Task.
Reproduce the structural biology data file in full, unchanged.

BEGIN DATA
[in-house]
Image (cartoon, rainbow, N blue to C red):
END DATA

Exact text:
[in-house]
Image (cartoon, rainbow, N blue to C red):